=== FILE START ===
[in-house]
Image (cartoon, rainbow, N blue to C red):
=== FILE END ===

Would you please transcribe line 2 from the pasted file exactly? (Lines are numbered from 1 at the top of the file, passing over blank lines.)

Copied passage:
Image (cartoon, rainbow, N blue to C red):